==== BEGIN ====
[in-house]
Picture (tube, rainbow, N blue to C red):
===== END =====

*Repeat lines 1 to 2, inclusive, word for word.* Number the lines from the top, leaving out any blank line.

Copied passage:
[in-house]
Picture (tube, rainbow, N blue to C red):